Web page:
Sub-regional workshop on the Mechanisms of the World Heritage Convention and the Nomination Process

Today, Sunday, 21 May 2023, the training workshop on the World Heritage Convention and the nomination process for World Heritage sites was launched at the Arab Regional Center for World Heritage (ARC-WH) in Manama, Bahrain, during which Dr. Heba Abdulaziz, Director of ARC-WH, opened the workshop in the presence of Ms. Jawda Mansour, representative of Mr. Salah Khaled , Director of the UNESCO Office for the Gulf States and Yemen, and Dr. Hani Al-Shaer, Regional Director of the International Union for Conservation of Nature for West Asia, in addition to the participation of a number of experts, engineers and specialists in the field of heritage from the Kingdom of Saudi Arabia, the Kingdom of Bahrain, the State of Kuwait, the State of Qatar and the Sultanate of Oman, and participants from the UNESCO Chair for World Heritage Management and Sustainable Tourism in the Arab region at the German University in Oman.

Also participating in the workshop, which is held in coordination with the General Secretariat of the Cooperation Council, are experts who will present a summary of their experiences in this field to the attendees, namely Dr. Hani Al-Shaer, Director of the Regional Office for West Asia of the International Union for Conservation of Nature (IUCN), and Dr. Dina Bakhoum, an expert in preserving cultural and World Heritage.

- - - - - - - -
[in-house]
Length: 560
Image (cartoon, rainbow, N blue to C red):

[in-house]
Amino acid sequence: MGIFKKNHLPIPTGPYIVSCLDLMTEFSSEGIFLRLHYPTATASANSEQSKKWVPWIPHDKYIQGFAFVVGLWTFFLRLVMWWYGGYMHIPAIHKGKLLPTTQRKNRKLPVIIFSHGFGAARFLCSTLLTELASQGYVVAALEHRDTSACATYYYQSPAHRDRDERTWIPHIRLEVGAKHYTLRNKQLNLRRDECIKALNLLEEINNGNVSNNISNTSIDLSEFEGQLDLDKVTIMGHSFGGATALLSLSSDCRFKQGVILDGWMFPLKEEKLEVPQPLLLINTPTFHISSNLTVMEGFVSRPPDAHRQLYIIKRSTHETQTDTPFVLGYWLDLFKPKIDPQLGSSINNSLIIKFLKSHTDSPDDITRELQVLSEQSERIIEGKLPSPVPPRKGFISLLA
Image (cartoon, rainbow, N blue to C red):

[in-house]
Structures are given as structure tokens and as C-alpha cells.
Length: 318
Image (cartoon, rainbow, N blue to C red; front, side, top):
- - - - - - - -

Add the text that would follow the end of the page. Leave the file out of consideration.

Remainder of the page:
The importance of this workshop lies in the fact that it comes at a time when heritage sites face many challenges and problems, whether man-made or natural. Therefore, there is great importance in developing knowledge of the World Heritage Convention and its main concepts, as the 1972 Convention is one of the most important tools of international cooperation to protect cultural and natural heritage worldwide and works to preserve and protect the heritage of humanity.

The Convention defines this common heritage of humanity. It characterises it as Outstanding Universal Value (OUV), which means that a site has exceptional cultural and/or natural significance that transcends national boundaries and is of great value to all present and future generations.